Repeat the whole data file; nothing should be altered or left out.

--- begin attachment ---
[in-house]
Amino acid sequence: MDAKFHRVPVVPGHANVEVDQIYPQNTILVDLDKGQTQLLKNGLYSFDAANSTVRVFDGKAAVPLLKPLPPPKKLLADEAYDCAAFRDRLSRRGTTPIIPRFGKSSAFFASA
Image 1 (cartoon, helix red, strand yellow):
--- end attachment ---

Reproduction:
[in-house]
Amino acid sequence: MDAKFHRVPVVPGHANVEVDQIYPQNTILVDLDKGQTQLLKNGLYSFDAANSTVRVFDGKAAVPLLKPLPPPKKLLADEAYDCAAFRDRLSRRGTTPIIPRFGKSSAFFASA
Image 1 (cartoon, helix red, strand yellow):